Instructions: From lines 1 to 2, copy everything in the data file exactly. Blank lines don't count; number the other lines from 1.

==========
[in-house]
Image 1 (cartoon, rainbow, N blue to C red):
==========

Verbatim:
[in-house]
Image 1 (cartoon, rainbow, N blue to C red):